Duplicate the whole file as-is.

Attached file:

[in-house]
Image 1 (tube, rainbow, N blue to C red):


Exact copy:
[in-house]
Image 1 (tube, rainbow, N blue to C red):